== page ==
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July 24, 1971 - Image 5

Resource type:
Michigan Daily, 1971-07-24

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Saturday, July 24, 1971


Page Five

Judy Collins: A folk evening
at the Meadowbrook festival

Arts Editor
In a rare moment of foresight
for those of us who still believe
in folk music in the Leonard
Cohen style, Meadowbrook fes-
tival at Oakland University gave
us three hours of Judy Collins.
Not the Judy Collins who per-
formed at Hill Aud. in 1969, but a
revitalized Collins, belting out
her songs as if this was her first
performance and it was really
important that she please the au-
Although, in the wake of mas-
sive gate-crashing at the Wednes-
day night popular concerts, se-
curity was stepped up, the mood
of the crowd at the performance
was not at all restrained by the
added number of uniformed po-
licemen patrolling backstage or
in plain view of the audience.
Perhaps it is because Collins is
a special type of performer, re-
4 sponding to audiences and at
the same time responding to the
back-up group on stage with her.
Although Collins got off to a
shaky start, both in a quavering
voice, and lack of audience ap-
peal with "My Friend" followed
by "Sometime Soon", by the
* time she got to Leonard Cohen's
"Joan of Arc", Collins had the
audience and this reviewer eat-
ing out of the palm of her hand.
Somewhere in the midst of the
first half of the program, pri-
marily Collins singing Cohen,
the realization hit that Cohen
a festival
Copyright 1971
Considerable fanfare centered
' about one of the most physically
compact, natural and refreshing-
ly unaffected pianists currently
before the public- Vladimir
Ashkenazy's renunciation of
superfluous showmanship in the
much-abused Paganini Variations
yielded one of the most stupen-
dous feats of concentrated mu-
sical powers this critic has ever
encountered in concert. Indeed,
one must go back in recorded
musical history to the discs of
Artur Schnabel and Rachmanin-
off himself for comparable pia-
nistic depth and insight. Ashken-
azy's sensitive shading in cres-
cendi and diminuendi, his ring-
ing pianissimi, ravishing in full-
ness, and his uncanny capacity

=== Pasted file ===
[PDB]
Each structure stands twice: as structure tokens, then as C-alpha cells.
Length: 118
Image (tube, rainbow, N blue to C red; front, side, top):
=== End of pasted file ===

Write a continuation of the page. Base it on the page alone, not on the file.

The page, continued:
for spinning out phrases left his
listener dazed. These qualities
converged in that old war-horse,
the 18th Variation, to work a
miracle: the over-popularized
melody emerged as if it were be
ing played for the first time. The
vocal lone breathed with inflec-
tions so rare and perfectly cal-
culated that not a tone seemed
out of place, yet everything
* sounded unforced and complete-
ly natural.
While Ashkenazy's decision to
program Rachmaninoff's Fourth
Concerto was a welcome relief
for those critics sick of review-
ing the omnipresent Second and
Third, it must be admitted that
r the Fourth isn't one of Rachman-
inoff's most successful works. In
this concerto the composer is
more sober, less intent on vir-
tuosity for its own sake, and
seems to be aiming for tighter-
knit construction than in his ear-
lier concerti.
Ashkenazy made the most of
the work's strengths (including
a hauntingly poetic statement of
the slow movement), but even

his musical endowments couldn't
raise the experimental Fourth to
the incandescence of the Paganini

should write his songs for Col-
lins. No one does justice to the
songs of Leonard Cohen like
Judy Collins - even Cohen him-
Collins was in fine voice, never
overpowering those up close to
the speakers, while at the same
time being heard even by those
sitting far back on the rolling
hills of Meadowbrook. Her ban-
tering with the audience was a
welcome change from the staid
performances Collins is famous
for giving in the past.
Not disappointing the over
5,000 people who came out un-
der the stars to hear her, Col-
lins broke into a new anti-war
song, "My Lover is Dead". Her
lover has died in any of a num-
ber of battles in Vietnam, in any
of a number of ways. Yet at the
end there is jubilation as Collins
announced that her lover is
alive-her lover being the coun-
try of Vietnam. Entertainment
mixed with protest is one of Col-
lins' fortes.
Collins ended the first half of
the performance with a poem by

Yeats set to music. Standing
with her guitar. and not accom-
panied by her back-up group.
Collins sang that "man of words
and not of deeds/is like a gar-
den full of weeds/and when the
weeds begin to grow/is like a
garden full of snow."
The second half of the pro
gram started out with Leonard
Cohen's immortal "Suzanne,"
long a favorite of Collins. The
audience came close to giving
her a well-deserved ovation.
As Collins explained, she
doesn't write much of her own
material, but "Easy Times", a
song about the woman left be-
hind by a prisoner in an Ala-
bama jail, was nice to listen to.
It did, however lack the power of